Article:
The post-mortem examination showed that death had resulted from erysipelas caused by the wound.

The jury returned a verdict of “Wilful murder” against Joseph James Smith.”


On Wednesday, 9th June, 1868, James Smith appeared at the Central Criminal Court (The Old Bailey) charged with the murder of Inspector Bradstock:-

The Maidstone Telegraph reported on the result of his trial in its edition of Saturday, 13th June, 1868:-

At the Central Criminal Court, on Wednesday, before Mr Justice Blackburn, James Joseph Smith, 32, a diminutive, wild-looking man, was placed at the bar to take his trial for the wilful murder of Joseph Bradstock, an inspector of the metropolitan police. Mr Poland and Mr Beasley were instructed to prosecute on behalf of the Treasury.

When the prisoner was placed at the bar to plead it was intimated that he was at present of unsound mind, and consequently incompetent to plead or to take his trial; and a jury was empanelled to try whether this was the case or not.


Mr Gibson, the surgeon of the gaol of Newgate, was sworn, and stated that the prisoner had teen under his care since Sunday last, and that he was of opinion that he was of unsound mind. He had had several conversations with him, and he appeared to labouring under the delusion that persons were following him to take his life. He said that he had gone into the country for the purpose of escaping from these persons, but it was of no use, as he found that he was still followed by them.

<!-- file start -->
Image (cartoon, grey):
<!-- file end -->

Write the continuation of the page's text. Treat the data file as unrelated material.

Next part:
On the day the occurrence took place, he said that he left his residence at Hackney and went into the City, and he found that he was being followed by two men.


He then went to the West-end, but he was still followed by these two men, and he went into a public home and called for a bottle of ginger-beer, thinking that the men would not follow him; but they came in, and he broke a glass, thinking that he should be taken into custody, and that so he should avoid his persecutors.

After he had been placed in the cell, however, he found that he was in a worse position than before, as the men were in the cell with him,  and they threatened to shoot him; and he appeared to have committed the act imputed to him under the impression that he was protecting himself from the violence to which he was exposed.

Mr Justice Blackburn asked Gibson if he had any reason to doubt that the prisoner had really entertained the delusion that he referred to. Mr Gibson replied – Certainly not. He believed that the prisoner really entertained the impression that he referred to. He added that he had, of course, no means of knowing whether the prisoner had been followed about by any persons or not.


Mr Justice Blackburn inquired of the prisoner whether he wished to say anything, or to put any questions to the surgeon of the gaol.

The prisoner, in a calm, collected tone, replied- “For the last, nine months snares have been laid for me, and I have been followed everywhere I went by men who wished to destroy me. I have called witnesses and shown them the men who were following me about, and who had threatened to shoot me, and had warned me that I should come to a bad end. I believe it is through jealously or some cause or other that these persons have been acting in this manner; but their conduct has almost drove me beside myself, and almost to madness.”


Mr Justice Blackburn then explained to the jury the nature of the inquiry, and, after a brief deliberation, they expressed their opinion that the prisoner was of unsound mind and unfit to plead.

The learned judge upon this ordered the prisoner to be detained in safe custody during Her Majesty’s pleasure.”